Why did we see this scantily-clad woman in a photo and suddenly become concerned for our daughters? These same publications and media outlets made stars out of “video vixens” like Rosa Acosta and Melyssa Ford. So if Nicki Minaj were just an anonymous “vixen” in a Lil Wayne video wearing that G-string, there would likely be little-to-no think-pieces from these individuals worrying about their daughters. Where are those open letters? Lil Wayne had to disrespect a slain Civil Rights icon to raise the ire of hip-hop media. All Minaj had to do was show her butt.

So much of our culture, as it pertains to sex and gender, is built on the idea that sex is driven by male desire and women’s acquiescence to that desire:  men want sex, women “give up” sex to appease men. This conditioning is why we automatically view a sexualized woman as a victim: she must be exploited somehow or in some way damaged. We don’t view her as a person in control, doing what she wants to do — she’s lessening herself for the desire of men. That’s a puritanical generalization if ever there was one. And it denies a woman the right to decide who she is and what she wants for herself. It keeps her imprisoned in the dungeon of male judgment. Her sexuality doesn’t belong to her — not if we have anything to say about it.

Culturally, we have to come to grips with the fact that women are sexual–your mom, your sister and, yes, even your daughter is or will become a sexual being. And they have as much right to owning that sexuality as men. Even flaunting it.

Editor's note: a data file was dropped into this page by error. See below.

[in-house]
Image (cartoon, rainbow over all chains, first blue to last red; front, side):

When a man raps, sings or just brags about sex publicly, we don’t view him as a victim. We don’t hear Lil Wayne rapping about cunnilingus ad nauseum and think “It’s so sad that he’s exploiting himself.” We may think he’s gross–but we don’t think he’s being forced to do something that he doesn’t want to do. We don’t assume he lacks control of his music or image because of his racy lyrics. When considering objectification, one can’t just use the term recklessly; which is what the general public tends to do when the person being scrutinized is a woman. Nicki Minaj throws her sexuality in our faces and titillates because she wants to–the same as a male rapper who raps about his sexual exploits or parades around with ornamental women in his videos. An artist like Janelle Monae, for instance, deserves praise for choosing to cover up–not because someone said “This should be your image,” but because she decided that it would be. Don’t presume that Nicki Minaj is more victimized just because the image she presents is more brazen. That’s truly sexist.